Mean structure proposed
I am writing this post for new users who don't have the time to read the full article of how to ask a good question. In this post, I will give my opinion of what structure beginners should follow to ask well-received question, based on my personal experience of new user in Math Stack Exchange. I will write this post as concise and clear as possible.
I will use a concrete example of question of mine, which received initially 3 downvotes and was closed. After asking for some advice on the meta, I edited my question several times. After that, it received 3 upvotes and has been reopened.
This part is more important than you think. Most questions without contextualisation are poorly received.
In my example, I was studying the Bessel functions. Everything about it was clear to me, but a short summary was necessary. Indeed, remember that many of us probably saw this a long time ago, and don't remember the subject as well as you do while you are asking it. People who answer questions here do it for free. They are making you a favor, so they are not the ones supposed to do additional research for you. Putting a small summary will only take you 5 minutes, and considerably rise your chances to get upvotes. Don't hesitate to add pictures and external links (to Wikipedia, for instance).
Writing explicitly your problem before the moment you ask your question is a good way to introduce it.
If you don't start talking about your problem in the middle of your question, the readers could get bored, especially if the question is long. If they do, they may skip your next paragraphs until the question at the end. Note that your problem should correspond to the title of your question. Remember that the question you write should stay clear without your title, which thus must also be included in your post. Right after the contextualisation is the perfect place for it.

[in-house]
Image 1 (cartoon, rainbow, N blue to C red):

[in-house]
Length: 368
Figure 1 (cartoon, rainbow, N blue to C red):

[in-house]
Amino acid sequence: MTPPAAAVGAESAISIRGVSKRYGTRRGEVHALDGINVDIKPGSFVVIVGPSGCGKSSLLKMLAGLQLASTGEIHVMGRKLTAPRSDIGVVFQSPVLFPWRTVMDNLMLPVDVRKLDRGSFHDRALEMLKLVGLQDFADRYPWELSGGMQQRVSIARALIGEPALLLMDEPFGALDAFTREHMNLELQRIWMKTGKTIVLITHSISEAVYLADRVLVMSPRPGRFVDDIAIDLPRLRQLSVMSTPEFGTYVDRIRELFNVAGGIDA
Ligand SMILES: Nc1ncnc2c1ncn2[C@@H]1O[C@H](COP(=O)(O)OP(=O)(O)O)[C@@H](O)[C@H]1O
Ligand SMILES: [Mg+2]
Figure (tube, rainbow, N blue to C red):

Personal thoughts / attempts
Questions "do my homework for me" style are poorly received. When your mouse goes under the "downvote" button, you can read that "this question does not show any research effort" is one of the first causes of downvote.
As people in Math Stack Exchange take quite a long time to answer you, they expect you to respect that time and show you tried to solve the problem on your own. That's why I showed in my post a personal attempt of solving my problem, illustrated by a graph. This section can be long, but doesn't need to.
An unclear question will not receive effective answers. The final question you are asking must be crystal clear.
Don't hesitate to put the final question in bold if necessary. This is the most important part of your post.
If you are in Math SE, you probably like maths. We are made to get along ! Again, this structure is the one I follow, and many users may not have the same opinion. However, if you follow it, you sould have no problem.
A last advice: don't hesitate to regularly edit your question if some users point out something wrong in the question. Be nice with them, if a strong change is needed do not modify the entire post, but write an "update" section instead. That's what I did at the end of the post I showed you.
Right... Where is the question here ?
Some of you may want to close this post because it's actually not a question. Note that "How to ask a good question" also isn't. If you really need me to ask a question here, maybe it would be: what do you think about the structure I proposed here ? Is it clear enough for new users ? How to improve this ?